We had to learn to say, "Ok, we need to start regularly sampling this data from production for training, and we need to regularly start refreshing our test set," is what our problem description is, and that was a nightmare.

Data Labellers Are Rarely Experts

The other part is, when we've selected this data we need to get it labeled, and data labelers, particularly if you're using these crowdsourcing platforms, they're rarely experts. What would be annoying is we try and use them and reincorporate that data back in, and everything would go on its head, no matter what we did actually. We asked a data labeler to label – they only labeled one, bot one pattern each. They rather, instead of giving the pattern to two people we only gave it to one, and we said, "Ok, that didn't work." We said, "Ok, we'll give it to two and see if they agree, and they very rarely agreed." We said, "We'll give it to three and there will be a tiebreaker," and that still wasn't useful.

Apparently the correct number is five, and we were a startup and that gets expensive, and you don't want to take advantage of people but lowering the cost per pattern label. We were, "This is horrifying." We had to know that once there's too much disagreement it's probably something really difficult, and we'd have to elevate or escalate these really difficult patterns to an expert. That expert, unfortunately, was me, or my product owner, and he would have to sit and sift through it. We actually built his own little interface and we took Mechanical Turk.

Mechanical Turk is actually like a chess player that turned out to be a human, so they created a robot. I think it was a chess player or checkers player and underneath the machine was a human just doing it for them, and we put his face on it. We said, "That's what you are now."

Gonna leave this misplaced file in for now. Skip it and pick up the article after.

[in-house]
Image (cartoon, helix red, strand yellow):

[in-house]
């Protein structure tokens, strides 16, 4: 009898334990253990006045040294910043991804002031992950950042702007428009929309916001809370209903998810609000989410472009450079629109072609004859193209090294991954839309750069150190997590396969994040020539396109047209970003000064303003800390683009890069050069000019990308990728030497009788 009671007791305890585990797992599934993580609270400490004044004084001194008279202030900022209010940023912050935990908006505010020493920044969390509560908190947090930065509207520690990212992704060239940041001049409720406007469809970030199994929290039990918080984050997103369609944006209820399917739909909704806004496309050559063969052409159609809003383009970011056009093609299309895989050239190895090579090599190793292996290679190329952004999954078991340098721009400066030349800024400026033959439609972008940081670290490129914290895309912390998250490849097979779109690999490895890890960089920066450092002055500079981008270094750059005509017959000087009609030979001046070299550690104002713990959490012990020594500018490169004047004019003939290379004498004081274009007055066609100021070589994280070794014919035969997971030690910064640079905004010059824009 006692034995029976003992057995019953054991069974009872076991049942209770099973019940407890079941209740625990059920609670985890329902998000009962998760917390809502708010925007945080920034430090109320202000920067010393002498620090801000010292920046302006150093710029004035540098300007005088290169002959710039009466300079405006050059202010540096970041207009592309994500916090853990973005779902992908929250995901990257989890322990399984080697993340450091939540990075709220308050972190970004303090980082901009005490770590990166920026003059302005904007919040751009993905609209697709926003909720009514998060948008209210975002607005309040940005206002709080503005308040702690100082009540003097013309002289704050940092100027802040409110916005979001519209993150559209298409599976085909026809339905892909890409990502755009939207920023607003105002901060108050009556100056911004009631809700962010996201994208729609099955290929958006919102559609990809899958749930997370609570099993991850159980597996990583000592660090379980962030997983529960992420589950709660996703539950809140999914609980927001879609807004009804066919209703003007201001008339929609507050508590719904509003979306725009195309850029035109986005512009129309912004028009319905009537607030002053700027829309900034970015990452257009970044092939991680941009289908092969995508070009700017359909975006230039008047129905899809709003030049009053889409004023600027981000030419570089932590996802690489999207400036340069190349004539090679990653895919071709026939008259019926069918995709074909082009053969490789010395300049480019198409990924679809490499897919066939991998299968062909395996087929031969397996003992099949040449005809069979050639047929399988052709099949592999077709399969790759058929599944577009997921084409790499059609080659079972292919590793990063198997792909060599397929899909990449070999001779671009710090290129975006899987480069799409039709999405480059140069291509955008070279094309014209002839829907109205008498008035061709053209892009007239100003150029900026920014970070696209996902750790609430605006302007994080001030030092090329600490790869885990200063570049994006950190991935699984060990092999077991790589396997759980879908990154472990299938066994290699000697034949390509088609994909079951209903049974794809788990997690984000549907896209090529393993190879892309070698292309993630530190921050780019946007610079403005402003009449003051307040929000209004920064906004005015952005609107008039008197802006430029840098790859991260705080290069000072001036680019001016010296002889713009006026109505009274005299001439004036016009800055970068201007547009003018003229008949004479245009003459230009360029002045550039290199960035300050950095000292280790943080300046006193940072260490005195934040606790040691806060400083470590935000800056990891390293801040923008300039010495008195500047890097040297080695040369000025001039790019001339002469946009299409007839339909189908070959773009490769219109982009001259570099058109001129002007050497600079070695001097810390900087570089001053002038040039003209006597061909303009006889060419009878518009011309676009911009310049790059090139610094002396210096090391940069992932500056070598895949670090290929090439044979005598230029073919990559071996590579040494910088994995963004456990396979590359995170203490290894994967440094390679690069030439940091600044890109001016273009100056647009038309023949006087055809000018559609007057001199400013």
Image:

The Model Is Not Robust

Next problem, our model was not robust. It turned out that slight variations, little changes, meant that it didn't work at all, and that was horrifying. This is really common if you're dealing with small amounts of data. It's completely overfit whatever is going on. What was useful to us is to know that your model can be uncertain, and it knows it. It tells you it actually, and the first way it tells you is that there's certain metrics which show you this.

In our case, we have a softmax output. Earlier you saw I had trues, and falses, or matches, or not matches, but actually the number that comes out is a probability that this is actually a match, and we had to pick that threshold of how probable it had to be. If there's a in-between probability, so it's 50% thinks it's a match and 50% thinks it isn't, that's telling you it doesn't really know what to do with this, particularly into the classification problem like we had.

There are a number of other techniques you can use. You don't have to read the full PhD but it's actually quite nice. Yarin Gal did a PhD on uncertainty, or measuring uncertainty in deep learning. It's really great, but there's also a nice, concise little section you can read at the front, if you go to the website, without having to read the whole thing. One of the things that they suggest is using dropout at inference. If you've built models before you know that dropout is a way of regularizing. It's actually a way of making models more robust, and what's interesting is you could actually usually do that with training and then you'd turn it off because what it does is it adds some stochasticity into the model, which is not what you want when you're trying to make predictions.

What you can do is turn that number up, so keep it during inference and sample multiple times, so ask for a prediction from the same data multiple times. What this will do is it'll allow you to build up a little Gaussian to say, "How much did the output change depending on my dropout?" Similarly, you can start adding noise to your data, and if your output is changing wildly with tiny, little bits of noise, you know you don't have a robust model, so that was also pretty useful.

Changing and Updating the Data so Often Gets Messy

Changing and updating the data often gets messy, and these days, as I said before, we have so many tools to deal with this, which is nice, but at the time I had everything in GitHub and there were a number of things that can happen. If you're updating patterns, some of them are coming from Mechanical Turk, some of them are coming from the system for our expert called Mechanical Ash. Some of them are coming from me just looking at the data going, "These are completely wrong," and re-labeling them. That's pretty messy, and maybe in real life you've got teams going out to gather data from different sources, and a couple things can happen.